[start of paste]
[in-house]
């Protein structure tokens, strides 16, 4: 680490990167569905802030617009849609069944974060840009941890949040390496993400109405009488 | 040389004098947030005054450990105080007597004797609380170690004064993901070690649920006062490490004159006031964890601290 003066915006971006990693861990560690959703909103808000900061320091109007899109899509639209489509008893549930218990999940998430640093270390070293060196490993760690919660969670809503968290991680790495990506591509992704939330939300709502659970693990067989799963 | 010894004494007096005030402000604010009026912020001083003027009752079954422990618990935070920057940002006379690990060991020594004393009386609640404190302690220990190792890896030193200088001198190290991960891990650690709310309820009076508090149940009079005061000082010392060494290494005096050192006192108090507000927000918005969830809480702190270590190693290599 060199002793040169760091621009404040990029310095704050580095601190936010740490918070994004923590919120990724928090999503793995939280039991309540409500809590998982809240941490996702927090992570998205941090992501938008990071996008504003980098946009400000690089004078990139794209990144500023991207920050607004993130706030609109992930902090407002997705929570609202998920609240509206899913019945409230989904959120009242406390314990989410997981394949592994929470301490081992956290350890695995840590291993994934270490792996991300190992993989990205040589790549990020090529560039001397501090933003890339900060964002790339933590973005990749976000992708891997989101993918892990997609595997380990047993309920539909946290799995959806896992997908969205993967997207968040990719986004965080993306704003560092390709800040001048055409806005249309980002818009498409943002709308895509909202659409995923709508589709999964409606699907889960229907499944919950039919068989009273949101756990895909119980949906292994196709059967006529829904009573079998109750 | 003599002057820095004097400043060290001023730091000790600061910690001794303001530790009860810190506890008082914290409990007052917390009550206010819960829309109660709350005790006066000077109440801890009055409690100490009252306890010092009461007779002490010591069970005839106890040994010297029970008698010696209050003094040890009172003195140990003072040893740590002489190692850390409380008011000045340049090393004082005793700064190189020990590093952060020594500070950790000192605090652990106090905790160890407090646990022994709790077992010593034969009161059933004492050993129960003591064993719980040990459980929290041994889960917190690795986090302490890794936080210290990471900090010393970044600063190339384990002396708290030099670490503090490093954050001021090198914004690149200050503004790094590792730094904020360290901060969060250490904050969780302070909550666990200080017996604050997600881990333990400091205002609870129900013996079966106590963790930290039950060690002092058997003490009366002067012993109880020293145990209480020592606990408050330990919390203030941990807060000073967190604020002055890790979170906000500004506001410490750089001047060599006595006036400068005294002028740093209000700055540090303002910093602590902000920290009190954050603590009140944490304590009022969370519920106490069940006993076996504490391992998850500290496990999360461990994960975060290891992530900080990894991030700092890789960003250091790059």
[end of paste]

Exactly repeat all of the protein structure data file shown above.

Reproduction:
[in-house]
């Protein structure tokens, strides 16, 4: 680490990167569905802030617009849609069944974060840009941890949040390496993400109405009488 | 040389004098947030005054450990105080007597004797609380170690004064993901070690649920006062490490004159006031964890601290 003066915006971006990693861990560690959703909103808000900061320091109007899109899509639209489509008893549930218990999940998430640093270390070293060196490993760690919660969670809503968290991680790495990506591509992704939330939300709502659970693990067989799963 | 010894004494007096005030402000604010009026912020001083003027009752079954422990618990935070920057940002006379690990060991020594004393009386609640404190302690220990190792890896030193200088001198190290991960891990650690709310309820009076508090149940009079005061000082010392060494290494005096050192006192108090507000927000918005969830809480702190270590190693290599 060199002793040169760091621009404040990029310095704050580095601190936010740490918070994004923590919120990724928090999503793995939280039991309540409500809590998982809240941490996702927090992570998205941090992501938008990071996008504003980098946009400000690089004078990139794209990144500023991207920050607004993130706030609109992930902090407002997705929570609202998920609240509206899913019945409230989904959120009242406390314990989410997981394949592994929470301490081992956290350890695995840590291993994934270490792996991300190992993989990205040589790549990020090529560039001397501090933003890339900060964002790339933590973005990749976000992708891997989101993918892990997609595997380990047993309920539909946290799995959806896992997908969205993967997207968040990719986004965080993306704003560092390709800040001048055409806005249309980002818009498409943002709308895509909202659409995923709508589709999964409606699907889960229907499944919950039919068989009273949101756990895909119980949906292994196709059967006529829904009573079998109750 | 003599002057820095004097400043060290001023730091000790600061910690001794303001530790009860810190506890008082914290409990007052917390009550206010819960829309109660709350005790006066000077109440801890009055409690100490009252306890010092009461007779002490010591069970005839106890040994010297029970008698010696209050003094040890009172003195140990003072040893740590002489190692850390409380008011000045340049090393004082005793700064190189020990590093952060020594500070950790000192605090652990106090905790160890407090646990022994709790077992010593034969009161059933004492050993129960003591064993719980040990459980929290041994889960917190690795986090302490890794936080210290990471900090010393970044600063190339384990002396708290030099670490503090490093954050001021090198914004690149200050503004790094590792730094904020360290901060969060250490904050969780302070909550666990200080017996604050997600881990333990400091205002609870129900013996079966106590963790930290039950060690002092058997003490009366002067012993109880020293145990209480020592606990408050330990919390203030941990807060000073967190604020002055890790979170906000500004506001410490750089001047060599006595006036400068005294002028740093209000700055540090303002910093602590902000920290009190954050603590009140944490304590009022969370519920106490069940006993076996504490391992998850500290496990999360461990994960975060290891992530900080990894991030700092890789960003250091790059």